31 Protocol scalability Message broadcast technique imposes limitations on the network size packets per message = noPeers i In November 2000 dial-up bandwidth barrier reached Overlay network efficiency Random selection of peers results in inefficient use of the underlying network Redundant traffic generated on the Internet Problems With Gnutella TTL i=0

32 Current Client Optimisations PONG Caching Eliminates frequent broadcasting of PING messages by reusing old PONG replies Hierarchical Overlay Structuring Nodes join the network through gateways who filter PONG messages so the new node only connects with similar capacity nodes

33 Related P2P Research Unstructured P2P search techniques Query Caching Expanding Ring Query Routing Random Walks Overlay network construction Clustering

34 Query Caching Technique Nodes may chose to respond to a QUERY message with someone elses QUERYHIT message that was seen in the past. Advantages Reduces QUERY traffic for popular searches Disadvantages May limit search scope QUERY HIT QUERYHIT

35 Expanding Ring Technique The QUERY TTL is initially set low and increased for resending if no results are returned after a timeout period Advantages Overall reduction in broadcast traffic Automatically finds the max TTL Disadvantages Longer delay for far away resources More traffic generated in worst case where resources are far away (not characteristic of Gnutella) HITQUERY

36 Query Routing (Keyword Hashing) Technique Peers exchange keyword hash tables of the resources they share QUERYs are forwarded to peers who most likely hold the resource Advantages More direct searching eliminating broadcast traffic Disadvantages Transient nature of users joining and leaving P2P network leads to out of date hash table references Michael Gareth Britney Michael Britney QUERYHIT

37 Random Walks Technique The QUERY (walker) is sent to only one randomly selected peer who in turn forwards it to one of its peers Rather than use TTL, the walker reports back to its originator asking if it should continue through the network. Advantages Traffic is directly proportional to the number of walkers per search (i.e. not exponential) Disadvantages Longer delay receiving results QUERY Should I Carry On? Yes QUERYHIT

38 Clustering Techniques Technique Nodes select peers that are topologically close to them organising into clusters. Advantages If QUERYs can be satisfied locally then the underlying network is used efficiently to do that. Disadvantages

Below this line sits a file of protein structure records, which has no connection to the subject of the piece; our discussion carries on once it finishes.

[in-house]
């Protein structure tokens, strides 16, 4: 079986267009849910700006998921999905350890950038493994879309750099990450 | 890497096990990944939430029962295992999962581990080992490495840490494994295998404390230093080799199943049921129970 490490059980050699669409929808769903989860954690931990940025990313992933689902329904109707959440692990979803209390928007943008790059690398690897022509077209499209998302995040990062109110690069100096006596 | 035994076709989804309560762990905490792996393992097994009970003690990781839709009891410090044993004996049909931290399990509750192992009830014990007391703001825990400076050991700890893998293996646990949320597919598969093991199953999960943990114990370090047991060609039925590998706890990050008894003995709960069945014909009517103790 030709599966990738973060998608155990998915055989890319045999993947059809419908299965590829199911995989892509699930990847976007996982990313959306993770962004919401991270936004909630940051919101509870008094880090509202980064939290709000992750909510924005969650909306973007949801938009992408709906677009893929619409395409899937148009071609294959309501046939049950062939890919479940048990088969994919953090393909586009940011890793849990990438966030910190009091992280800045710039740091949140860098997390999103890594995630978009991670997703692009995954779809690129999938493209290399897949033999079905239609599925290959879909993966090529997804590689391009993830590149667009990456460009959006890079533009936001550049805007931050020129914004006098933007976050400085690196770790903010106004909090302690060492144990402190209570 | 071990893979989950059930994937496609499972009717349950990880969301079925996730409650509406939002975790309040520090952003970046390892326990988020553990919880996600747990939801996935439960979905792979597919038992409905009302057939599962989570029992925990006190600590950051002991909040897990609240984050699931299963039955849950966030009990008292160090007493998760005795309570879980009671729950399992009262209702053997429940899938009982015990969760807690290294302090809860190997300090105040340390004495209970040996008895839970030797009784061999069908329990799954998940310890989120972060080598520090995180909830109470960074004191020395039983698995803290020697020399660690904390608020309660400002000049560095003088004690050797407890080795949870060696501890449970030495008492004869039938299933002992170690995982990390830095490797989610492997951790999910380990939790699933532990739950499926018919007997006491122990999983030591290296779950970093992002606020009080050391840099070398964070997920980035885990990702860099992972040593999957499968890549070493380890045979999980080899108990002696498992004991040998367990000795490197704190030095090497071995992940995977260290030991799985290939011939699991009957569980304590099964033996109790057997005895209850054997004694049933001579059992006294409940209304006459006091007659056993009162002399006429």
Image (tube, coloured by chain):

39 Summary We looked at What P2P networks are Gnutella Original protocol Current client optimisation techniques Related unstructured P2P research Searching for resources Overlay network efficiency Concluding remarks The original Gnutella protocol suffers from severe scalability issues due to message broadcasting However, current research offers more scalable techniques for accomplishing both search and overlay construction in unstructured P2P networks which can be applied to new file sharing clients such as Gnutella

40 Protocolli P2P di seconda generazione Problema, i protocolli usati da Napster e Gnutella non sono scalabili; Per migliorare la scalabilità sono nati i cosiddetti protocolli P2P di seconda generazione che supportano DHT (Distributed Hash Table); Alcuni esempi di questi protocolli sono: Tapestry, Pastry, Chord, Can, Viceroy;

41 DHT A ogni file e ad ogni nodo è associata una chiave; La chiave viene di solito creata facendo lhash del nome del file; Ogni nodo del sistema è responsabile di un insieme di file(o chiavi) e tutti realizzano una DHT; Lunica operazione che un sistema DHT deve fornire è lookup(key), la quale restituisce lidentità del responsabile di una determinata chiave.

42 La scalabilità di un protocollo è direttamente legata allefficienza dellalgoritmo usato per il routing; In questo senso sostanzialmente gli obiettivi sono due: Minimizzare il numero di messaggi necessari per fare lookup; Minimizzare, per ogni nodo, le informazioni relative agli altri nodi; I vari DHT conosciuti differiscono proprio nel routing; DHT Routing

43 Dimensione tabella di routing Messaggi necessari per trovare una chiave 1 1 n -1 O(log n) Chord e altri Grafo Totalmente connesso Anello n è il numero dei peer;

44 Realizzazione dinamica dellalgoritmo di Plaxton et al.(che non si adattava a sistemi dinamici); Supponendo che le chiave è costituita da un intero positivo lalgoritmo di routing corregge a ogni passo un singolo digit alla volta; Per fare ciò un nodo deve avere informazioni sui nodi responsabili dei prefissi della sua chiave; (O(log N) nodi) Il numero di messaggi necessari per fare lookup è O(log N); Lalgoritmo in pratica simula un Ipercubo; DHT Routing: Tapestry

45 Le chiavi sono mappati su un array circolare; Il nodo responsabile di una determinata chiave è il primo nodo che la succede in senso orario; Ogni nodo x di Chord mantiene due insiemi di vicini: I log N successori del nodo x più il predecessore. Questo insieme viene usato per dimostrare la correttezza del Routing; Un insieme log N nodi distanziati esponenzialmente dal nodo x, vale a dire linsieme dei nodi che si trovano a distanza 2 i da x per i che va da 0 a log N – 1. Questo insieme viene usato per dimostrare lefficienza del Routing; DHT Routing: Chord

46 Le informazioni che il nodo deve mantenere sugli altri nodi sono log N + log N + 1 = O(log N); Il numero di messaggi necessari per fare lookup è O(log N); Il costo che si paga quando un nodo lascia o si connette alla rete è di O(log2N) messaggi; Lalgoritmo in pratica simula un Ipercubo, inoltre si comporta molto bene in un sistema dinamico; Svantaggi: una sola dimensione; una sola strada; DHT Routing: Chord

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48 I nodi sono mappati su un toro d-dimensionale; A ogni nodo è associato un sottoinsieme di questo spazio d-dimensionale; Ogni nodo mantiene la lista dei nodi responsabili dei sottospazi che confinano con il proprio sottospazio; Ogni nodo ha O(d) vicini (due per ogni dimensione); Il routing avviene in passi, in media ; Da notare che se usiamo d = log N dimensioni abbiamo O(log N) vicini e il routing ha costo: DHT Routing: CAN

49 Riferimenti S. Ratnasamy, S. Shenker, and I. Stoica. Routing algorithms for DHTs: Some open questions. In In 1st International Peer To Peer Systems Workshop (IPTPS02). I. Stoica, R. Morris, D. Liben-Nowell, D. R. Karger, M. F. Kaashoek, F. Dabek, H. Balakrishnan, Chord: A Scalable Peer- to-peer Lookup Protocol for Internet Applications. In IEEE/ACM Trans. on Networking, 2003.